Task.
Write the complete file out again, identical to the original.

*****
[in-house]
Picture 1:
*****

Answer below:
[in-house]
Picture 1: